Looking back at the 2005 growing season, I think it will be a season that many of us will remember for a long time. Many growers have been frustrated with soybean yields for a while and have talked about a yield plateau in soybean. Now I hope that many growers have started to reconsider if we have reached that yield plateau with soybean. During the past two years, we have harvested the third largest and the largest soybean yield per acre on record in Iowa, and many farmers were able to make equal or more money on soybean than on corn in 2005. Our record soybean yields were estimated by the United States Department of Agriculture to have averaged 53 bushels per acre across the 10.1 million acres of soybean in Iowa.
In the last two years, Iowa soybean growers have harvested the third largest and largest yields per acre on record. (Rich Pope)
So why were our soybean yields so high? There are many reasons. It all started in April when the dry topsoil encouraged many growers to get their corn planted early. Then a cold period followed, and some farmers hesitated to plant soybeans because the soil was not 55 °F; however, most farmers went ahead and followed our suggestions to plant at the optimum time because of the good seedbed conditions. The planting date is extremely important for high soybean yield. We have conducted 18 experiments over the last three years and 15 of them have showed a positive linear response to planting date. Optimum planting date is the last week of April for the southern two thirds of Iowa and the first week of May for the northern third of Iowa. There are risks associated with planting early. Except for a late spring frost, most of them can be managed.
Timely rainfall then followed for most of us throughout the season. We know that soybean and other plants with taproots like alfalfa don't like to have "wet feet." This definitely helped the plants develop good lateral roots. Eastern Iowa had one of its worst droughts in many years and only received 5 inches of rainfall from early April to mid-August. I think we can all agree: farmers in eastern Iowa were lucky that they picked up some "timely" rainfall at the end of August. I know for sure that our friends in Illinois appreciated the rain they got in August. It could have been much worse, but as we have seen so many times before, rainfall during seed filling in August can have a significant impact on our final yield since the seed size on the few seeds that are set can increase yield significantly.
Throughout the season, only a few foliar diseases were observed in our fields, which is very common for Iowa. Bacterial blight and Septoria brown spot were the two most commonly observed. Bean leaf beetles were observed early in the spring but not many fields reached threshold. Soybean aphids, on the other hand, showed up in early June in northeast Iowa. It is estimated that approximately 2.1 million acres were sprayed in Iowa. Yield loss from soybean aphids is assumed to be minimal since fields were scouted intensively, and many were aware of the threshold and pulled the "trigger" at the right time. On the other hand, we again lost yield from soybean cyst nematode (SCN). For years, Greg Tylka, an extension plant pathologist who specializes in plant-parasitic nematodes, has warned us about the yield loss this nematode represents, but we still don't seem to get the message across. From our high yield studies in 2005, our top eight or nine varieties at each location all had resistance to SCN--that is also the case where SCN was not a significant problem! Yield drag is no longer associated with SCN-resistant varieties. Many farmers learned it the hard way this year because the largest yield loss associated with SCN is observed in dry years. Yield loss from SCN was estimated to be around 50 million bushels in 2004. Who wants to take a guess on 2005?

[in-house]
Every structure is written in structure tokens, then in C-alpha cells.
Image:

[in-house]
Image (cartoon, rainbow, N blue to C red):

Last year was a good year for soybean producers. Hopefully, it restored some promise that we can achieve high yields. I think that many will start to realize that it is not impossible to get high soybean yields, but it takes a lot of effort. It is not as easy as plant a "random variety," spray a herbicide, and then harvest it 3 months later and expect a bumper crop. It takes a lot more. Variety selection is the foundation, and we just can't afford to compromise on it anymore. After that, fundamental agronomics should be optimized.
Finally, scouting frequently and following integrated pest management guidelines will help ensure that no pathogens, weeds, or insects are limiting yield.
Record soybean yields in 2005 were estimated by the United States Department of Agriculture to have averaged 53 bushels per acre across the 10.1 million acres of soybean in Iowa. (Rich Pope)
This article originally appeared on pages 20-21 of the IC-496 (1) -- January 23, 2006 issue.